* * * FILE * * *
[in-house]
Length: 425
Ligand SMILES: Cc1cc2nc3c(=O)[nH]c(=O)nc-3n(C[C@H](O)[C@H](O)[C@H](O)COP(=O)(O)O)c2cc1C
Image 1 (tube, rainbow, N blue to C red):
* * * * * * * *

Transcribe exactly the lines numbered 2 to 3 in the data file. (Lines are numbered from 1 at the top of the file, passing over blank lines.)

Length: 425
Ligand SMILES: Cc1cc2nc3c(=O)[nH]c(=O)nc-3n(C[C@H](O)[C@H](O)[C@H](O)COP(=O)(O)O)c2cc1C